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2019 Nissan Altima

2019 Nissan Altima

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Nissan have recently announced that they will be showcasing the new 2019 Nissan Altima at the 2018 New York Auto Show. While refreshed in 2016, this model is actually six years old and due a reinvention. As one of Nissan’s best-sellers, it sorely needs to be kept up to date and competitive.

From the spy shots we have seen, the new 2019 Nissan Altima looks the business. While still under camouflage, the shape is much more purposeful. A lower front end with narrower nose, angled lights, swept windshield and curved roof all add aero pretensions to the shape. Panel detailing across all sides also adds interest, including one that looks to travel the whole side of the car up to the waistline at the rear.

Other spy shots on the internet have shown a floating infotainment panel that has divided opinion online. I happen to like it. The simplicity of the design means I look at what is on the screen rather than being distracted by switches and controls either side. It looks more like a tablet than touchscreen and given many of us use tablets on a daily basis, should fit right into our comfort zone.

Midsize refresh
The Altima used to be Nissan’s best-selling vehicle. Overtaken by the Rogue it may have been, but the Altima still sells in the hundreds of thousands. The current model was released in 2012, which is an age in the current climate so this has to be more than just a new skin.

The 2019 Nissan Altima looks new and takes some cue from the Maxima, which is a good thing. It is expected to keep using the global D platform that underpins the Pathfinder and some Renault and Infiniti vehicles with a few refinements. Perhaps it might be slightly longer as seems popular at the moment to add more rear passenger space.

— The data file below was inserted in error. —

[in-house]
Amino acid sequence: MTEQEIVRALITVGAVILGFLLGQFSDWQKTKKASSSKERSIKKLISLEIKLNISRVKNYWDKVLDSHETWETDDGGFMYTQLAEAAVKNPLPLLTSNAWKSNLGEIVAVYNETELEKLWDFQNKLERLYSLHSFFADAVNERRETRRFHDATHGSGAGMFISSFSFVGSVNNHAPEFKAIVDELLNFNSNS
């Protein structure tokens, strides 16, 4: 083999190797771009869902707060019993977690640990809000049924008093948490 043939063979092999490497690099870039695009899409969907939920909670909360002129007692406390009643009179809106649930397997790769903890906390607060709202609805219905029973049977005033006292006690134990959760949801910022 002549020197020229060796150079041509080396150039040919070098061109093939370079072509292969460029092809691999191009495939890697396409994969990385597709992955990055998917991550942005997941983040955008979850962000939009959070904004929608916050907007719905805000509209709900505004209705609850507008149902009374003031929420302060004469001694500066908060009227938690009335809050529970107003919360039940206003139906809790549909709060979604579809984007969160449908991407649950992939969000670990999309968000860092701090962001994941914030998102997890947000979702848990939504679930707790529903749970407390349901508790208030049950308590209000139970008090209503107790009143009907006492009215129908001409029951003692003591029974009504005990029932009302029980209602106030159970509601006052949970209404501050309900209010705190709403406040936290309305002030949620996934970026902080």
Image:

We don’t yet know what engines will drive this sedan although we can make a guess. I think the current crop of four and six cylinder engines will be tweaked to deliver a little more power and gas mileage but that will be it. The current 2.5-litre V6 engine is a very competent unit that has been very reliable. I would imagine it has been toyed with to get a few more miles to the gallon but not a lot else.

I also think the CVT transmission will have been further refined and will remain. I am happy to be corrected of course, but I think that’s the way things will go. The old rubber band character of the CVT is long gone and this new generation of transmission is working out well according to owners, so why change it?

We have no idea when the 2019 Nissan Altima will be officially unveiled or released. In the meantime, the current model is still an exceptional car for the money. 
Photo credit: Autoblog

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